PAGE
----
Sermons

Summary: Psychologists refer to the trait of not wanting someone to be part of their "flock" the "Black Sheep Effect". Jesus could have told His parable using a black sheep (because the sinners He worked with were that), but He didn’t. Were there reasons why He di

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OPEN: (This is a video of a 3 yr old girl “reading” the story of the lost sheep. http://www.youtube.com/watch?v=6QIhNBzK6dQ

Begin at 31 sec mark. Quit at 3 minutes)

In keeping with this idea of children’s stories, I want to share with you a children’s song about sheep. Sing along is you know the song:

“Baa, baa, black sheep, have you any wool?

Yes sir, yes sir, 3 bags full.

One for the master, one for the dame,

And one for the little boy who lives down the lane

Baa, baa, black sheep, have you any wool?

Yes sir, yes sir, 3 bags full.”

ILLUS: Years ago black sheep were not the kind of sheep you wanted in your flock. Black wool was considered commercially worthless because it could not be dyed. Even today, black wool is so difficult to sell commercially, that many merchants require that there not even be a strand of black in their wool.

In the day of Jesus, a sheep that was black was a liability to the shepherd, and their owners would often remove them from the flock so that they wouldn’t taint the purity of the flock by interbreeding with the white sheep.

Black sheep were undesirables.

Because of that, people tend to use the term black sheep to describe someone who is “undesirable”. Someone they don’t want “in their flock.”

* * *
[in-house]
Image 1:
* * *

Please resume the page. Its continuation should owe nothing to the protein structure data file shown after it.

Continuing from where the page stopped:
For example: You’ll hear the term “He was the black sheep of the family”

It means he was not a nice person.

Nobody wants him around.

No one even wants to have him in the family tree.

This tendency to ostracize people that are undesirable is so prevalent, psychologists even have a term for this behavior: it’s called “the black sheep effect”

APPLY: In our text today, we have Jesus dealing with “the black sheep effect”.

Luke 15 tells us:

“The Pharisees and the teachers of the law muttered, ‘This man welcomes sinners, and eats with them.’"

They were upset because Jesus has been spending his time with the “black sheep” of society.

He’s been coddling the losers.

Eating with the sinners.

He welcomes them into His flock!

That’s just not right.

But that’s why Jesus came.

In Matthew 15:24 Jesus said He was sent “…to the lost sheep of Israel."

And in Luke 19:10 He said he’d “… come to seek and to save that which was lost.”

Jesus came for the lost sheep.

And so, to illustrate that truth, He told a parable about sheep.

But in His parable - Jesus didn’t use this term “Black Sheep”.

Why not? I mean, it’s perfectly descriptive of the kind of people He came to save, so why not use that term?

Well, a few of reasons come to mind

1st – Black sheep are born black sheep.

They have an excuse – that’s just the way they are.

And you’ll hear sinful people try to use that as an excuse for themselves.

For example:

An adulterer will say, “I feel bad about having slept with that woman… but I couldn’t help myself”

The child molester will say, “I know it was wrong to molest that child… but that’s just how I am”

Or the homosexual who will say, “You don’t understand – I was born this way.”

They were all saying the same thing:

I have an excuse.

I was born a black sheep.

I can’t help myself.

That’s just how I was born.


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